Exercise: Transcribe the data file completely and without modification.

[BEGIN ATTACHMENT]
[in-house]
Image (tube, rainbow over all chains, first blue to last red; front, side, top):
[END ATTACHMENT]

[in-house]
Image (tube, rainbow over all chains, first blue to last red; front, side, top):